Playing in Other People's Gardens, or Why You Need To Build Your Audience and Keep the Data.

Who is most likely to make money in a gold rush? The person selling the shovels.


Unless you happen to be a wizard at online commerce, IT, sales, marketing and general promotion, and you happen to have an unlimited budget or generous benefactor, you are going to spend a lot of time in other people's gardens while you get off the ground. Playing in other people's gardens means that you are piggybacking on their resources and generally accessing their audience too (Do you connect with people on Facebook? That's a pretty big garden right there).
When you play in someone else's garden, you are beholden to them and if they change something to change their business, it affects you too. This means that you are forever chasing ghostly algorithms as you try to outsmart tech behemoths at their own game. Generally, as more people start to figure out how to beat the algorithm, the algorithm gets changed and we're all back at square one. It's kind of like we're all trying to climb a set of stairs only to have them turn into a slide and drop us all at the bottom to start over.
Print On Demand (POD) sites run a similar racket. They convince you that you too can become a successful creative retailer if only you have a well-stocked store on their platform. Create the art, post it using their handy tools, use the right hash tags and in no time, you will be able to sit back and relax and watch the money roll in. I have things posted on a few POD sites and I have yet to make enough money to buy even one $4 ice cream cone per year. POD sites also often have terms of service that limit when and how you can withdraw your money. Sometimes you are given credits to use in their store (which are convertible to cash is you ask for it) or you have to reach a certain level of profits before they make a payout. If you are earning 25 cents for each sale, it will take you a while to get a payout. How do these companies stay in business? They sell a dream. And they hold on to your money for a while before they give it to you. Consider this: If 500,000 artists each earn $1 profit per year on a POD site, that is $500,000 that the company holds on to (and presumably collects interest) until they pay out.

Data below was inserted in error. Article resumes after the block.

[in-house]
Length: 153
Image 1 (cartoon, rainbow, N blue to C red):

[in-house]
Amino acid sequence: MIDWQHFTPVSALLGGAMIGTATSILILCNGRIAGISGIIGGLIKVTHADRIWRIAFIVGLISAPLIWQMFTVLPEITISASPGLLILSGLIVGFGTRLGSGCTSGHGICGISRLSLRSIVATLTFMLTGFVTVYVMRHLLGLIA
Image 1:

If you want to know which POD sites are out there, simply collect enough cookies in your browsing history while searching for POD sites and pretty soon you will see dozens of sponsored posts and targeted ads trying to lure you to yet another POD platform that claims to be better than the next one. Which brings me to another issue.
Is this overwhelming you? Search often enough for phrases like "Passive Art Income" or "Creative Work from Home" and you will also receive sponsored and targeted ads with a tag line that reads: "Want to succeed? Buy my book/take my course and you too will become a successful online entrepreneur like me!" One of my other skills is in freelance writing. I got really frustrated with other freelance writers who claimed that the only way that I could succeed as an author is if I bought their book. They built a market: other writers. If I had unlimited time and money, I could spend the rest of my life taking courses and reading books on how to succeed. In fact, that's probably why the self-help industry is so successful.